While publicly Democratic leaders say the measured approach is part of their broader plan to get the “right candidate,” there are some worries about the pace percolating throughout the Caucus. Leaders have promised that in the coming weeks more challengers will emerge, and by early fall they anticipate a pack of candidates will announce their intentions to run.
“Some Members are concerned,” said one senior Democratic aide. “But people are hopeful it will pick up. Obviously, something has got to get going.”
Hoyer acknowledged Democrats have certainly had better years in terms of enlisting challengers but insisted all is not lost.
“For us, it’s late in Washington because we’re into this game” of examining the national playing field, he said, adding that one of the jobs of recruiters is to convince prospective candidates that the summer of 2003 is getting close to being too late to mount a strong bid.
“I would like to have some more candidates than we have now,” said Hoyer. “But certainly in historical senses we’ve been in this place many times and ended up in September and October coming up with some great candidates.”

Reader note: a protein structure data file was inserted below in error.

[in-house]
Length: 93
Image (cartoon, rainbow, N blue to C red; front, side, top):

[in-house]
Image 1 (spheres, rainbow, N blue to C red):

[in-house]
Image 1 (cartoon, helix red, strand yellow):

With Hoyer back in the mix, the three top Democratic House leaders are now playing formal roles trying to make gains next fall. Pelosi is the party’s lead fundraiser, while Menendez is leading the “Frontline Democrats” joint-fundraising committee designed to help finance vulnerable incumbents.
The difficulties in attracting candidates are manifold, Democratic lawmakers and strategists say. The war in Iraq redirected Democrats’ attention and distracted from their economic message, the party’s presidential nominee remains up in the air, campaign finance reform has hurt fundraising and it is difficult to convince would-be candidates they wouldn’t be facing a long stint in the minority.
One Democratic strategist with significant campaign experience said the slowed recruiting is more a result of the current mood of the party than the actions of the DCCC or party leaders.
“It’s easy to blame the [DCCC], but the truth is much harder to face,” the strategist said. “Prospective candidates don’t think Democrats can take the House back and serving in the minority is no fun.”